Lifestyle

Mount St. Helens 25 years after the eruption

For 25 years travelers from Germany, Japan, Canada, Mexico and all 50 states have visited it.

It's the geology lesson of the century. Its May 18, 1980 eruption left 57 dead in its wake.

And the story hasn't ended yet. The mountain blew again last fall although less forcefully. And, luckily, no one lost his life following that eruption.

Mount St. Helens, once the most beautiful of Washington's five perennial snow-covered peaks, is the world's largest ashtray. It's also the best day trip in Washington.

This year's silver anniversary of the 1980 eruption -- a big two-five for the explosion that rocked the region -- is a great time for any Puget Sounder alone or with out-of-town guests to visit the mountain. And it's affordable too. All five visitor centers along the newly re-engineered and resurfaced Spirit Lake Memorial Highway that leads to St. Helens are accessible with a $6 day pass for adults (age 16 and older), and free for kids under 16.

To get to the mountain, I took the 2 1/2-hour drive down I-5 to Castle Rock's exit 49, and headed east toward the still-smoking volcano early this month. It didn't take long until I wished I had brought my tent, mountain bike, and some good friends. Thanks to Weyerhaeuser, Washington State Parks & Recreation, the U.S. Forest Service and several private foundations, the story of St. Helens is brought to life.

As the morning fog burned off, and as I visited the five visitor centers, the power and allure of St. Helens was magnetic. Geology happens every minute on the mountain. From the north side, it is a gaping hole into a living devil's cauldron of rock, steam, and frequent clouds of ash.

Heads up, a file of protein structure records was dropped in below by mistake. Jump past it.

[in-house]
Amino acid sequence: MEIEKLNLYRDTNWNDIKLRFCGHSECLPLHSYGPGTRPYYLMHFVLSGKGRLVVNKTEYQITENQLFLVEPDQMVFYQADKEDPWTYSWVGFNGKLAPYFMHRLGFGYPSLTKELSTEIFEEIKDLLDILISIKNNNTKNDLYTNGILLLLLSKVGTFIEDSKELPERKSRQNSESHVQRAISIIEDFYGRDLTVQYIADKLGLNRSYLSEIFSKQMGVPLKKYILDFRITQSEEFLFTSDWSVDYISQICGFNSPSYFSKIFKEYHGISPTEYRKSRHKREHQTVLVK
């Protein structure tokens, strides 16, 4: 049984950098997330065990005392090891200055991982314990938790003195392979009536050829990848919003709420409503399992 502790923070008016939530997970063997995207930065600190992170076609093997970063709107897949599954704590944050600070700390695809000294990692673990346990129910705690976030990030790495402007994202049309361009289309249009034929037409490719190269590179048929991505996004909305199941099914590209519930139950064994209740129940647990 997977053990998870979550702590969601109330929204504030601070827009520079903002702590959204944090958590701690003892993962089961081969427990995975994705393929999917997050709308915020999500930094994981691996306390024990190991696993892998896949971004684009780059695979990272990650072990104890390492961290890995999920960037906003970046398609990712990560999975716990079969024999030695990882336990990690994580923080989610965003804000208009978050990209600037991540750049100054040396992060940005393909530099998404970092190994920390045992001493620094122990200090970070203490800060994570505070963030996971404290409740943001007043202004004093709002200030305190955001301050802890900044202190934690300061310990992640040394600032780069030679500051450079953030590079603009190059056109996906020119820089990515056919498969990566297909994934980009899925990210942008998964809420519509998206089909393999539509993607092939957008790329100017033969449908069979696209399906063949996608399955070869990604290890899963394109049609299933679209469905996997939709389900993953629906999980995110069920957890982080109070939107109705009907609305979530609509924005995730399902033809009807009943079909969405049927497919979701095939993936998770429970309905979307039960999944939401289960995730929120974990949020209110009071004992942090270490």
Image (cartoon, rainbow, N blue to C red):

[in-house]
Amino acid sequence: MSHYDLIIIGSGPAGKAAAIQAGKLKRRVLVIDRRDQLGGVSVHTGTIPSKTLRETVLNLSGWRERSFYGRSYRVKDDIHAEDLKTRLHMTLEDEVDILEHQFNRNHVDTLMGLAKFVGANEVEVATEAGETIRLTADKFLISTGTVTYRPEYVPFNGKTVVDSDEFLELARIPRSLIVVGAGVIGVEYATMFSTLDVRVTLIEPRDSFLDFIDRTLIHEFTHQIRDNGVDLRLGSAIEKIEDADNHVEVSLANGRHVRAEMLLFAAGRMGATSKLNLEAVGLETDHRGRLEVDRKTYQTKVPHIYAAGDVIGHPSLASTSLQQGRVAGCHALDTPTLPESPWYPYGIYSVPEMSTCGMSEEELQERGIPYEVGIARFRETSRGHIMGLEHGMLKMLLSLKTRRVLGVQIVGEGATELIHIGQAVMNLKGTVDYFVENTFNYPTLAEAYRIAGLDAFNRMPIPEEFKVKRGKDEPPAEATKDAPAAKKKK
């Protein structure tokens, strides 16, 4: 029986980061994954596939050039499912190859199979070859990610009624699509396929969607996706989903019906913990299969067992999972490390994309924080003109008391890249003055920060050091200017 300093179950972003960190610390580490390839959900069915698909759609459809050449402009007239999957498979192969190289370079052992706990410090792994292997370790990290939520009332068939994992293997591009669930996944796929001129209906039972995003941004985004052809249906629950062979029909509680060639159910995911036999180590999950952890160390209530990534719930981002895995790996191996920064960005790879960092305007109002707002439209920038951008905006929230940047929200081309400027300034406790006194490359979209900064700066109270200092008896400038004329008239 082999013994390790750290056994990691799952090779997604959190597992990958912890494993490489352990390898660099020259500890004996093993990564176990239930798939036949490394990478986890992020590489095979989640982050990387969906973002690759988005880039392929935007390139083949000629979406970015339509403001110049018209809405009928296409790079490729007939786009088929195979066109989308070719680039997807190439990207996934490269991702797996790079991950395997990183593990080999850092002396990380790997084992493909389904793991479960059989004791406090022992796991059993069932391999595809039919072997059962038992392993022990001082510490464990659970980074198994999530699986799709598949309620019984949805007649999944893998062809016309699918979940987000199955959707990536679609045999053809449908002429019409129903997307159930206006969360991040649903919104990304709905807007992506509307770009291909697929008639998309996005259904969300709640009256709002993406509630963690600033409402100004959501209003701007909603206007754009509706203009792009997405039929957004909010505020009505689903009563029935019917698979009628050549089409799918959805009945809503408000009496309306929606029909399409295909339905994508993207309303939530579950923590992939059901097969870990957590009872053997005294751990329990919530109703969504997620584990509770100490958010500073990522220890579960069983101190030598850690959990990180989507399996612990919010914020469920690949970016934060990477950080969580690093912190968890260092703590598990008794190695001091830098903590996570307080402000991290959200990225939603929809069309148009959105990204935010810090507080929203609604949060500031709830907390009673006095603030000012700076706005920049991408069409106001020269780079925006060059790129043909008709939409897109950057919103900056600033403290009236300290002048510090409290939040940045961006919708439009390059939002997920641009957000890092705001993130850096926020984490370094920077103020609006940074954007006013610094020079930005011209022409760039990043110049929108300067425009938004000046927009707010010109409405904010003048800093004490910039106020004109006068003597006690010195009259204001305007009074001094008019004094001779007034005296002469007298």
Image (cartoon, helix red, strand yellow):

Here are some of the don't-miss highlights:

Mount St. Helens Visitors Center is at mile marker five on State Route 504, Spirit Lake Memorial Highway. It is the first visitors center off I-5, and it does an excellent job of describing the geologic actions that triggered St. Helens' eruption 25 years ago--along with the 50 other eruptions that visit our planet every year. Giant murals and massive models allow visitors to experience volcanoes from inside the earth.

Hoffstadt Bluffs Visitors Center at mile marker 27 is the helicopter jump-off spot for $115 flights to the crater. This visitor center also is a good spot to watch glassblowing in which volcanic ash is used. A restaurant and gift shop are among the facilities.

The Charles W. Bingham Forest Learning Center at mile marker 33 is a must stop. I enjoyed spying on many of the approximately 1500 elk in the re-grassed Toutle River Valley thanks to free telescopes provided by the Rocky Mountain Elk Foundation. I loved the film that captures St. Helen's eruption, and I found the picnic tables with 15-mile views across the valley perfect for opening my lunchbox.

The big story here is the loss of 150,000 acres of forest land, almost half of which (68,000 acres) is privately owned by Weyerhaeuser. Dick Ford, forest manager of this stand of Weyerhaeuser acreage on that fateful day 25 years ago, runs the forest learning center. Ford answers questions with patience and personal insight.

``Yes, I lost lives of people I worked with.''

``Salvage the downed trees? You bet, and we had to work quickly, before they became diseased and damaged by insects. In fact, we saved enough trees to build the equivalent of 85,000 three-bedroom homes. And it was hard work.''

The reforestation process started with an experiment just four weeks after the eruption. What was the best environment for the newly-planted seedlings? Directly into the ash? In a mixture of ash and soil? Dig through the ash and plant in the soil only, leaving ash around as a protective mulch? Or plant nowhere near ash?